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Latin American applied research

versión impresa ISSN 0327-0793

Lat. Am. appl. res. v.37 n.3 Bahía Blanca jul. 2007

 

Comparative study of the cryosurgical processes with two different cryosurgical systems: the endocare cryoprobe system versus the novel combined cryosurgery and hyperthermia system

G. Zhao1,3, D. W. Luo2, Z. F. Liu3 and D. Y. Gao4

1 Department of Modern Mechanics, University of Science and Technology of China, Hefei 230027, P.R. China
ZhaoG@ustc.edu.cn

2 Department of Chemical Engineering, Texas A & M University, College Station, TX, 77840, USA
3 Department of Thermal Science and Energy Engineering, University of Science and Technology of China, Hefei 230027, P.R. China
4 Department of Mechanical Engineering, University of Washington, Seattle, WA 98195, USA

Abstract — A numerical model was developed to study heat transfer process during freezing of biological tumors. Two different cryosurgical systems, Endocare cryoprobe and novel combined cryosurgery and hyperthermia system, were investigated using the multidimensional, finite element method (FED) developed in Ansys (V7.0) by us recently. The tissues were modeled as nonideal materials, the thermophysical properties of which were temperature dependent. The enthalpy method was applied to solve the highly nonlinear problem. It was found that for the same initial/boundary conditions and the same target tissues, the novel combined cryosurgery and hyperthermia system could supply the target tissue an approximate cooling rate, a much lower minimal temperature, a much greater warming rate, and a much greater thermal gradient as compared with the Endocare cryoprobe system. The numerical simulation results indicated that the novel combined cryosurgery and hyperthermia system could provide an excellent curative effect in the corresponding cryotherapy.

Keywords — FED. Heat Transfer. Cryosurgery. Cryoprobe. Ansys.

I. INTRODUCTION

Cryosurgery has been recently accepted as a treatment option for eradicating undesirable tissues, especially tumor tissues, due to its minimal invasiveness and little hospitalization needs. Since 1845, a partly frozen saline solution (at about -22°C) was used to treat skin cancer tumors by James Arnott, it has been a known surgery treatment . And it has become a well-established method for the ablation of benign and malignant lesions since the mid-1960s . Cryosurgery is an effective treatment for both surface tissues and internal organs, and the minimally invasive cryoprobe known widely today is suitable for the latter. The first cryoprobe was designed to treat brain tumors and the part of the brain associated with Parkinson's disease . Although the application of cryosurgery for treatment of renal, cerebral, adrenal and breast cancers is under way, the treatment modality is most commonly used for the eradication of prostate and liver tumors . And recent improvements in imaging techniques, such as magnetic resonance imaging (MRI), computerized tomography (CT), and electrical impedance tomography (EIT), have stimulated the spread and popularity of cryosurgery.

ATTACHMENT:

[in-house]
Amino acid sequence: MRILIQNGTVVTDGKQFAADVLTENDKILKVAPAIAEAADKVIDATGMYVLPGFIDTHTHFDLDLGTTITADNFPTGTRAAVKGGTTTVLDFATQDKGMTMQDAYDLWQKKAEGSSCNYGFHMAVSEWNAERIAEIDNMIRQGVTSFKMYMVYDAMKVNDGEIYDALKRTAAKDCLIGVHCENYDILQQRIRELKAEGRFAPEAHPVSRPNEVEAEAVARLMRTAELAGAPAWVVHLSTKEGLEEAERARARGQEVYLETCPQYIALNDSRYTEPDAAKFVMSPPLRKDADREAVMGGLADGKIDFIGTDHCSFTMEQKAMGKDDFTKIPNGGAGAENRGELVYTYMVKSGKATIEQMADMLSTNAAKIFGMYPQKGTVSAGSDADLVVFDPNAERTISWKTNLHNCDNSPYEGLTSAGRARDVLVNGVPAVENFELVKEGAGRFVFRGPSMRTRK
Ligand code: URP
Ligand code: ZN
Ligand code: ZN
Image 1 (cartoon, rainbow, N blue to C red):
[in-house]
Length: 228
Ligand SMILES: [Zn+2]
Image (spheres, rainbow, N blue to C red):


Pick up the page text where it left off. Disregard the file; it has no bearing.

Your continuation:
In a typical cryosurgery process, the undesired tissues will undergo liquid-solid and reverse phase transformation in the freezing/thawing region, where the tissues will be injured or destroyed by several mechanisms, such as "solution injury", injury caused by "intracellular ice formation (IIF)", the re-crystallization of intracellular ice, thermal stress, . Successful cryosurgery means maximal destruction of undesired tissues by freeze-thaw cycle, but the effect of cryosurgery is often influenced by the thermal history experienced by the tissues, which includes the cooling rate, the thawing rate, the minimal temperature, the freeze-thaw cycles, . A 'critical isothermal protocol', which assumes that complete necrosis occurs only in regions where have been embraced by a certain isothermal surface, is often regarded as a standard clinical procedure . However, there is some variance in literatures regarding the absolute value of this critical temperature. For example, the critical temperatures listed by Gage and Baust in two recent reviews range from -2 (osteocytes, bone, dog) to -70°C (adenocarcinoma, rat) . So the critical temperature is likely to be tissue dependent, and this assumption has some biological basis.